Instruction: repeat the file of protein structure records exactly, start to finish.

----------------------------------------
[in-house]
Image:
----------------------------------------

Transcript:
[in-house]
Image: